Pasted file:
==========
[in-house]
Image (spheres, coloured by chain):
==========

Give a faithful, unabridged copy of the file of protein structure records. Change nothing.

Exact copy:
[in-house]
Image (spheres, coloured by chain):